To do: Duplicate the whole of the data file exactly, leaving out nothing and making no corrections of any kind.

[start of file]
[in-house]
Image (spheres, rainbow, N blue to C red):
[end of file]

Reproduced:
[in-house]
Image (spheres, rainbow, N blue to C red):